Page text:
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The Platters Sound Off for Environment

Pop music: Two Laguna Beach performances by the latest incarnation of the '50s group will benefit the nonprofit Earthling Foundation.

April 04, 1998|JAN HERMAN

The Platters sang some of the greatest doo-wop hits of the '50s: "My Prayer," "Smoke Gets in Your Eyes," "The Great Pretender," "Twilight Time" and "The Magic Touch."

The group, led by Curtis Bridgeforth in its latest incarnation, is about to add environmental awareness and spirituality to its repertoire for the Earthling Foundation--a private, nonprofit organization dedicated to promoting both through film, television and digital media.

The Platters will give two benefit performances, 8 and 9:15 p.m., April 19 at Odessa's Restaurant & Club, 680 S. Coast Highway, Laguna Beach. $100 show; $135 with dinner at 7 p.m. (714) 803-6721.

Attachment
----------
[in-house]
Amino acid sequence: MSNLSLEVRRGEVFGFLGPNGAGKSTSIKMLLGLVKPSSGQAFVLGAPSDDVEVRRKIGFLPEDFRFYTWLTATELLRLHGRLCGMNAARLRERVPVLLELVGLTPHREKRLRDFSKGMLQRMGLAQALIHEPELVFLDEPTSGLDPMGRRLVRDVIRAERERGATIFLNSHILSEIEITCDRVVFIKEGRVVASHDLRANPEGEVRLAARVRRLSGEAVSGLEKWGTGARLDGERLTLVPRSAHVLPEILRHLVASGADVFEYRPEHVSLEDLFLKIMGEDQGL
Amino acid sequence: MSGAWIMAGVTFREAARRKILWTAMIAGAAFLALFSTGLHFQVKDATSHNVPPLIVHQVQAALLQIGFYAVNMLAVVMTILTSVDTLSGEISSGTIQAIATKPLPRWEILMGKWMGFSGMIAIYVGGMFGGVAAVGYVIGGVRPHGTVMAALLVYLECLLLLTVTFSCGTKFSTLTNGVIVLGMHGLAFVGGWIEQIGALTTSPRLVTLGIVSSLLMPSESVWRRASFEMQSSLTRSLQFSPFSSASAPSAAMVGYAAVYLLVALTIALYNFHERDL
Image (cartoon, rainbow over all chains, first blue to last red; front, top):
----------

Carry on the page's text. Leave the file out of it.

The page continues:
The O.C.-based foundation, launched earlier this year by Bianca Mead, hopes to raise about $50,000 in production funds for a documentary film called "The Sherpas: Heroes of the High Himalaya." It will feature Jamling Tenzing Norgay, son of Tenzing Norgay, who made the first successful climb to the top of Mt. Everest with Edmund Hillary in 1953.

Jamling, who also figures prominently in the Imax film "Everest"--now playing in Irvine--has left for the Himalaya, Mead says. "Sherpas" director David A. Glen, leaves Friday for the expedition. Mead, who is producing the movie, will be there with Odessa owners Norm Nixon and his wife, actress-choreographer Debbie Allen.

"The last time they had a benefit at Odessa--it was a toy drive for the Orangewood shelter--Debbie got up and danced on the stage," Mead said. "Who knows? Maybe she'll do it again. Norm is very knowledgeable about environmental issues, and he loves the Platters."

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